Over the last decade, BMW never raced their famed straight-six engines in the FIA GT3 series, the de facto racing series for production sportscars.
When the automaker began homologating the BMW Z4 M Coupe for the GT3 racing series, it ditched the S54 straight-six engine and instead use a naturally aspirated 4.4-litre V8 engine that was already being used in the BMW M3 GTR.
As the BMW M6 is no longer in production and the all-new G82 BMW M4 just released, the company will be using the latter as its new representative in the GT3 racing series.
Development of the road and racing car were done concurrently, with the prototype rolling out of Dingolfing in July 2020, and since then, testing has been performed at various European circuits including the Nurburgring Nordschleife. Close to a year of testing has accumulated over 14,000 kilometres– the equivalent of more than 70 hours of track time. The new BMW M4 GT3 will make its race debut in two weeks at the fourth round of the Nurburgring Endurance Series (NLS).
Customer will have to wait until 2022 to race their new BMW M4 GT3 though, as BMW will continue with their testing programme after the race debut.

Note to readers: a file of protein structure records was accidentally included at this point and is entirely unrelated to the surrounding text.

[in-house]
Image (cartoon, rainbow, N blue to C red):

Now for the technical bits. The P58 twin-turbocharged 3.0-litre straight-six engine develops up to 590 hp, 700 Nm and weights 40 kg lighter than the V8 engine in the M6 GT3. Unlike the road car’s S58 engine with a single throttle valve, the P58 engine has a motorsport-developed charged cooling system that allows the usage of two throttle valves. The connecting rods with pistons and housing were transferred from the road car to the racing car in an unmodified form.
We are all well aware of the high budgets involved in motorsports and BMW has developed and engineered the BMW M4 GT3 with cost efficiency and operations in mind. For lower lifecycle cost than the BMW M6 GT3, the new racing machine will have longer maintenance intervals for the straight-six engine and six-speed sequential transmission.
At the driver’s seat, BMW M Track Cockpit allows many basic configurations to be performed without connecting to a laptop or special software. The steering wheel, made with sim hardware producer Fanatec, is a first of its kind, where it can be used in the race car as well as its simulators.
BMW says moving to an electro-hydraulic clutch setup without a physical pedal also lowers wear, all in the name of cost-efficiency.
Finally, the price. The new BMW M4 GT3 starts from EUR415,000 (RM2.02 million), a EUR4,000 reduction compared to its predecessor and within a similar price range to other FIA GT3 racing cars.
Bear in mind, those Toyota GR Supra GT 300 machines (and older Toyota 86 MC) in Japan’s Super GT aren’t developed from the road car, but from Japan Automobile Federation’s (JAF) ‘Mother Chassis’ project, where the basic rolling chassis has a Toyota V8 engine, double-wishbone suspension setup, brakes and a carbon-fibre central monocoque.